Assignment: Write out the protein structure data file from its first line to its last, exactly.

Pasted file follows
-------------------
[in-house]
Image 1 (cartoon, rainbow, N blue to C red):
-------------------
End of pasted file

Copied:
[in-house]
Image 1 (cartoon, rainbow, N blue to C red):